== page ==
Detail of Madonna della Vittoria by Andrea Mantegna, 1496
Francesco Gonzaga, who is kneeling and has a grateful and smiling expression while receiving the blessing of Jesus and Mary.
Photo by Sailko
Artist: Andrea Mantegna (1431–1506)
Title: Madonna of Victory
Medium: tempera on canvas
Dimensions: Height: 280 cm (110.2 in). Width: 166 cm (65.4 in).
Current location: Louvre Museum
On 6 July 1495 the French army of Charles VIII of France, retreating from Italy after the French Invasion of 1494-1498,
fought the Italic League at the Battle of Fornovo.
The League, commanded by Francesco II Gonzaga, Marquess of Mantua, was made up of numerous nation-states determined to prevent French dominance in Italy,
and included the Holy Roman Empire, Spain, Venice, Milan, and the Papal States controlled by Pope Alexander VI.
Though the League lost more soldiers, they had also captured more soldiers than had the French;
they also recovered nearly all of the plunder the French had taken over the course of their four-year invasion.
Particularly valued items included the helmet, sword, and seal of Charles VIII,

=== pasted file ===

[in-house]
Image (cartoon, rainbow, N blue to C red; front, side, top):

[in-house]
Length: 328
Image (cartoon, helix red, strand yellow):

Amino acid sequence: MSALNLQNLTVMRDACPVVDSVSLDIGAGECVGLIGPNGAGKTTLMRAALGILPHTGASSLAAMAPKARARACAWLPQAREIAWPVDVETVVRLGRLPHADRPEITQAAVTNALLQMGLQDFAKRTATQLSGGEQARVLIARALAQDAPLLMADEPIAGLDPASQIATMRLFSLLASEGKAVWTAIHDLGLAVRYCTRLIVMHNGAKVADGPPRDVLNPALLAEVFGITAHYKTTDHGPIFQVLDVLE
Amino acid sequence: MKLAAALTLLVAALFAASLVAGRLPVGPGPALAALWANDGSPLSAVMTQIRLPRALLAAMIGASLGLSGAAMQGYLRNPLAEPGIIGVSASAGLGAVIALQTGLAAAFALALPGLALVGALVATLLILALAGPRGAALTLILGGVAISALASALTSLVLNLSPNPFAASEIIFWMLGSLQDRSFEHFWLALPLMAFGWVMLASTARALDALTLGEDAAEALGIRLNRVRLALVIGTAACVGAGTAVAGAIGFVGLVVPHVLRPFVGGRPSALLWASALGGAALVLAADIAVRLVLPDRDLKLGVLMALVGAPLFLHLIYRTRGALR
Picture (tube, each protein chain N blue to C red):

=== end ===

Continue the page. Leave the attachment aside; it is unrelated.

as well as a book containing portraits of the ladies whose favors he had enjoyed during the invasion.
During Francesco's absence from Mantua, Daniele da Norsa, a Jewish banker,
had purchased a house in the city's San Simone quarter and replaced the image of the Virgin Mary which decorated its façade with his own coat of arms.
The regent, Sigismondo Gonzaga, ordered him to restore the depiction.
Although Daniele agreed to do so, the populace, inflamed by anti-semitic feeling, destroyed his house.
When Francesco returned, he forced Daniele to fund a chapel and a devotional painting.
The painting was to be executed by the Mantuan court painter, Mantegna, and was inaugurated in 1496 on the anniversary of the duke's victory at Fornovo.
The work was placed in the church of Santa Maria della Vittoria, which had been constructed over the ruins of Daniele da Norsa's house.
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